During the VIII Triennale, he was involved with Mario Tedeschi in the joint project for the QT8 neighbourhood, designing houses for veterans from the African campaign and also Santa Maria Nascente church.
During reconstruction operations in Milan from 1949-59, Magistretti designed and constructed about 14 projects for INA-Casa in conjunction with other architects.
He notably took part in the IX (Gold Medal) and X (Grand Prix) editions of the various Triennials in Milan.
“The Milan Triennale in the early years after 1945 was a powerful tool for broadcasting information, spreading ideas, providing scope for the most extraordinary experimentation. This institution is what led us to find out what was going on outside Italy, and not just in the field of architecture, I might add.”
In 1956 he was one of the promoters of the ADI, Association for Industrial Design, together with De Carli, Dorfles, Gardella, Munari, Nizzoli, Peressutti, Rosselli, Steiner and two companies (Kartell and Officine Meccaniche Pellizzari).
In the same year he was part of the Compasso d'Oro Award jury for the first time, followed by many others.
The young architect was involved in plenty of activities and came up with lots of new ideas and proposals in the 1950s, which, in a short space of time, saw him rise to the status of one of the most brilliant exponents of the “third generation”, partly thanks to the construction of two key buildings in Milan: the Tower building in Parco Sempione in Via Revere (1953-56, in conjunction with Franco Longoni) and the office building in Corso Europa (1955-1957).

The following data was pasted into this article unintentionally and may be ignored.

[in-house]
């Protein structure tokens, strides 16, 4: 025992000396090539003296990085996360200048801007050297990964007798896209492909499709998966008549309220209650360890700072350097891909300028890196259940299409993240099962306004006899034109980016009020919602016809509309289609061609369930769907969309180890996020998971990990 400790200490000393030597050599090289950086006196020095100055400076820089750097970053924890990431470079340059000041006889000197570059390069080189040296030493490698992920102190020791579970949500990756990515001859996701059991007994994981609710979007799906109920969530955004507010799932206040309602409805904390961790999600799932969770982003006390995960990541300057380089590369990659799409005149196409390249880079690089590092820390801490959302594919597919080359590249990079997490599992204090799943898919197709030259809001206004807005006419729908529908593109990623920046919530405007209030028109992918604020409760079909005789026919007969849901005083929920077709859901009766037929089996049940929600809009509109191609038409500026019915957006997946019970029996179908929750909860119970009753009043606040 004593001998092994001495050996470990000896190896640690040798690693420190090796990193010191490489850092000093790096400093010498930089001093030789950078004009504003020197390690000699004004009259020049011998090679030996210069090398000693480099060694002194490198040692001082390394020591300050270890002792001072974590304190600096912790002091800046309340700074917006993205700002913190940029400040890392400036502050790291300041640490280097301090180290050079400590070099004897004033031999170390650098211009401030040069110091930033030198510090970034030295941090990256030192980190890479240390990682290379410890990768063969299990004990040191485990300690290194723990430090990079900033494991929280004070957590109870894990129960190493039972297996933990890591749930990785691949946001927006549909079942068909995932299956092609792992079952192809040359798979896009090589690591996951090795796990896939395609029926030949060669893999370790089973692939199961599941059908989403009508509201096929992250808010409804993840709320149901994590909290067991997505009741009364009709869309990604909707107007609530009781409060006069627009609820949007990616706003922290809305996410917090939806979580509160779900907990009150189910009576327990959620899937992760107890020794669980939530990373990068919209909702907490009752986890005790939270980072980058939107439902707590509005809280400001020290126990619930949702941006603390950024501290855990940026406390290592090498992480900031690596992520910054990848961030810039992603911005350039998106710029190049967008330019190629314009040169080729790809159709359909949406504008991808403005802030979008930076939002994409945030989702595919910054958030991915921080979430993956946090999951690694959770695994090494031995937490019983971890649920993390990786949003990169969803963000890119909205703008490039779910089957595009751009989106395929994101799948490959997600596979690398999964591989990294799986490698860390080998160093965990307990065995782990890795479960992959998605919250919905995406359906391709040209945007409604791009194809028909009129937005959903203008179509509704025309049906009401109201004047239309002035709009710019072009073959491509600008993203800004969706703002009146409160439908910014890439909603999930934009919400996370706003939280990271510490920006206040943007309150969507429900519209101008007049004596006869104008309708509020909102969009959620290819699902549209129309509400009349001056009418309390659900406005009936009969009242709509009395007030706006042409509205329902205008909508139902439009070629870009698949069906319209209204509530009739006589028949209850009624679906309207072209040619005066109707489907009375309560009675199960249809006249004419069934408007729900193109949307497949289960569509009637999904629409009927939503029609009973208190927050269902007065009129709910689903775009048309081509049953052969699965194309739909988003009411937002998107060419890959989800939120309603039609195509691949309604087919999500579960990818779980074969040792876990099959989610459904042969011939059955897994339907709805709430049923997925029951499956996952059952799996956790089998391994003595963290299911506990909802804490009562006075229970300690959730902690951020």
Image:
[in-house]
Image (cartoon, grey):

In these years, but also in the following decades, Magistretti designed many home interiors: from large flats to residential cells in residential buildings. These projects were free from any pretentions in terms of decoration and confined to creating structures suitable for their inhabitants, they shed light on that typical taste of Magistretti for an idea of elegantly free, nonchalant living, reflected in his apartments and in his design, becoming a characteristic linguistic trait. These included: the flat in Via Goito in Milan (1953-59) and the one in via Verri (1953-54) in the 1950s; the living cells of the house in Corso di Porta Romana in Milan (1962-67) and of the MBM houses in Gallaratese in Milan (1963-71) in the 1960s.
“A house should be simple, qualified by its spaces. And it should be generous, i.e. it should welcome anything, because the furnishings, the image of the house, are a pitiless self-portrait of the people who live there. A person is always narrated by his house. This is why I refuse to suggest, “put a green sofa instead of a yellow one.” I make a structure that gives the house character, not as a matter of fashion but as a matter of spaces. Then even if you fill them up with junk, it’s not important. What is important is that the structure of the house should stand up.”